Churches gather considerable amounts of people regularly. From small chapels to monumental basilicas, the number of people that churches can draw means that unique security plans need to be in place.

You’ll want the kind of security that gives the churchgoers peace of mind without making them feel intimidated or threatened. After all, their primary goal is to worship. Churches are not exceptions to being under threat from crimes, so here are some good security options that you can consider to protect church premises.

1. Access Control Systems

Access control systems are one of the most basic security options you can install for churches. Doors are electronically locked, allowing only authorized personnel to come and go.

You can also assign different levels of security to different parts of the church. While the main worship area can be accessed by the general public (if you wish), offices and other administrative areas can have their access limited only to employees and ministers.

Access control systems work better than your standard lock-and-key mechanism because they offer an easier way to grant and revoke access to people at any time. This can be done through a keycard, fob, or even a biometrics scanning option.

Another nifty feature that access control systems have is the ability to control the entire system remotely. Using cloud technology, administrators and managers can easily edit access settings from anywhere, which is helpful in emergency situations.

You might also want to consider getting an access control system that provides a system-wide lockdown in case of major emergencies. It’s a quick way to prevent entry and exit in a short period. You can also activate it from anywhere with your mobile device.

Access control systems can also be customized to fit in with the aesthetics of a church, unlike bulkier lock systems which stick out like a sore thumb in an otherwise beautiful building.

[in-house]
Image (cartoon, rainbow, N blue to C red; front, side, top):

2. Video surveillance systems

Regardless of the building you have, anyone benefits from having a 24/7 video surveillance system in place. It’s relatively cheap, easy to set up, and allows you to see everything going on on the premises. It also allows you to cover your church’s blind spots and other places where people rarely enter. Those are the kinds of places that are most prone to crime.

It also works as a crime deterrent because thieves and pickpockets tend to go for unprotected places. If they see an active video surveillance system, they’ll likely move on to the next building instead.

Of course, video surveillance systems work best when there is someone actively monitoring them. It’s hard to catch a thief or prevent crime from occurring when you only watch video footage after someone makes a report.

3. Two-way radio communications

Having two-way radio communications for all your security and administrative personnel makes your church better equipped to handle quick emergencies. Understaffed areas in the church can quickly call for backup from other places, and everyone is put on the same page regarding security. They can also quickly notify others of potential security threats around the church.